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A UN Human Rights Council fact-finding mission accused Myanmar’s military and security forces of genocide and war crimes against Royinghas and other ethnic minorities – calling their actions “the gravest crimes under international law.”
According to former Indonesian attorney general mission chair Marzuki Darusman, Myanmar’s military committed “shocking human rights violations,” showing “flagrant disregard for lives,” displaying “extreme levels of brutality.”
Its military shows “contempt for human life, dignity and freedom – for international law in general.”
“The Rohingya are in a continuing situation of severe systemic and institutionalized oppression from birth to death.”
Offenses cited include gang rape, torching villages, enslavement, massacres, false imprisonments, torture, and other crimes against humanity in Kachin, Shan and Rakhine states.
The report called for a mechanism to hold Myanmar authorities accountable – including state counsellor Aung San Suu Kyi, complicit through silence and inaction.
The report said she
“has not used her de facto position as Head of Government, nor her moral authority, to stem or prevent the unfolding events in Rakhine State.”
“The Government and the Tatmadaw (Myanmar’s military) have fostered a climate in which hate speech thrives, human rights violations are legitimized, and incitement to discrimination and violence facilitated.”
The International Criminal Court has no jurisdiction over the country because it’s not a Rome Statute signatory.
The universal jurisdiction principle (UJ) holds that certain crimes are too grave to ignore, including genocide, crimes of war and against humanity.
Under UJ, nations may investigate and prosecute foreign nationals when their country of residence or origin won’t, can’t, or hasn’t for any reason. Israel used it to convict and execute Adolph Eichmann.
A US court sentenced Chuckie Taylor, son of the former Liberian president, to 97 years in prison for torture.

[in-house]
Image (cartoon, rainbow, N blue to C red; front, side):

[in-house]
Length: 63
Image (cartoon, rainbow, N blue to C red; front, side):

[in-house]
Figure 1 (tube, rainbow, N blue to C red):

Britain used a Spanish court provisional warrant to apprehend former Chilean dictator Augusto Pinochet, holding him under house arrest for 18 months.
Instead of prosecuting him for high crimes too grave to ignore, he was released and sent home, based on bogus ill health claims.
Under Article 7 of the Charter of the International Military Tribunal at Nuremberg:
“The official position of defendants, whether as Head of State or responsible officials in Government departments, shall not be considered as freeing them from responsibility or mitigating punishment.”
No one deserves immunity for high crimes demanding accountability. It’s time that standard applied to America, other NATO countries, Israel, and their imperial partners for high crimes too egregious to ignore.
Established by the Rome Statute in July 2002, the International Criminal Court (ICC) is empowered to prosecute individuals for genocide and aggression, as well as crimes of war and against humanity.
The UN was created “to save succeeding generations from the scourge of war, which twice in our life time has brought untold sorrow to mankind.”
Its leadership did nothing to deter endless wars of aggression, human rights abuses, or other high crimes committed by powerful member states, notably Western ones, Israel, and their imperial partners, doing what they please, operating with impunity.
Nor has the ICC, functioning as an imperial tool, targeting officials of nations Washington and NATO want prosecuted, victims of US-led aggression.
The court, world body, and special international tribunals never sought to hold officials of Western nations, Israel, and their allies accountable for naked aggression and related high crimes too egregious to ignore.
Myanmar officials are easy targets. So were former Yugoslav officials Slobodan Milosevic and Ratko Mladic, Iraq’s deputy PM and foreign minister Tariq Aziz, Gaddafi, his son Saif al-Islam, the DRC’s Jean-Pierre Bemba, Uganda’s Joseph Kony, and Sudan’s Omar al-Bashir, among others.
The highest of high crimes committed by Western and allied officials go unpunished.
Their adversaries and enemies are held accountable for crimes of war, against humanity, and genocide committed against their countries by foreign powers.
Stephen Lendman lives in Chicago. He can be reached at [email protected].
His new book as editor and contributor is titled “Flashpoint in Ukraine: US Drive for Hegemony Risks WW III.”
Visit his blog site at sjlendman.blogspot.com.